THE UK Government’s privatisation of Channel 4 may be “revenge” for the broadcaster’s “attacks” on Boris Johnson and “biased coverage”, according to one senior Conservative MP.

Julian Knight, the chair of the Digital, Culture, Media and Sport select committee argued on Twitter that the Government plans are seen as “payback time” among the Tory party.

Dorothy Byrne, the channel’s former head of news and current affairs, has described the announcement as a “bit of red meat” for Tory backers.

READ MORE: Channel 4: Fears Scottish jobs could go as UK Government set to privatise broadcaster

However, the Department for Digital, Culture, Media and Sport has insisted the decision is about allowing the channel to “thrive in the face of a rapidly changing media landscape” and compete against the big streaming platforms.

So why are people suggesting the policy pursuit is linked to Channel 4’s editorial coverage of the Tories?

These are five examples of times the Tories were not happy with the channel.

The ice sculpture incident 

Ahead of the 2019 General Election, the Conservatives threatened Channel 4’s licence when the broadcaster replaced Boris Johnson, and Nigel Farage, with melting ice sculptures during a climate change debate.

Michael Gove had shown up hoping to participate in the discussion, but was rebuffed – being told the event was for leaders only.

After the humiliation, Tory sources said if they won the election they’d look at whether the channel’s remit should be “better focused so it is serving the public in the best way possible”.

The National:

Spokesperson Lee Cain wrote to the Ofcom Election Committee to complain about the ice sculpture, branding it a “provocative partisan stunt” which was indicative of “wider pattern of bias”.

Despite this Ofcom rejected the Tories’ complaint, arguing that the sculpture had not been a representative of the Prime Minister himself and that “little editorial focus was given to it”.

The party then proceeded to win an 80-seat majority and launch a consultation on selling off the publicly owned channel.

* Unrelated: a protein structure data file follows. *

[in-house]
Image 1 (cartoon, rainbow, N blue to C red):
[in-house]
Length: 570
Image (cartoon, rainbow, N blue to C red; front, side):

The Kathy Burke tweet

In 2018, comedian and actress Kathy Burke sent a tweet replying to Boris Johnson speaking about Toby Young, writing: “He’s a c*** and so are you.”

It didn’t take long for eagle-eyed social media viewers to spot that Channel 4 News editor Ben de Pear, who stepped down from the role in January 2022, had “liked” the post.

In a column for The Telegraph, “anti-communist” commentator Matt Kilcoyne used the incident as an example of the channel’s “brazen” political bias.

The "known liar" remark

In 2019, Dorothy Byrne, then Channel 4’s head of news and current affairs, had a dispute with Downing Street after branding Boris Johnson a “known liar” at an Edinburgh festival event.

As she delivered the annual MacTaggart lecture at the Edinburgh TV Festival, Byrne (below) asked the audience what we could do about a “known liar [becoming] our Prime Minister”.

The National:

"I've talked to journalists from several television organisations about this issue. They said they would be loathe to use that word 'liar',” she went on.

"I believe that we need to start calling politicians out as liars when they lie.

"If we continue to be so polite, how will our viewers know that politicians are lying?”

During the speech she was also critical of Jeremy Corbyn, who she claimed, like Johnson, had dodged TV interviews with the channel.